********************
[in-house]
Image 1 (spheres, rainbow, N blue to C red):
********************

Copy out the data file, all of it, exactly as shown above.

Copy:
[in-house]
Image 1 (spheres, rainbow, N blue to C red):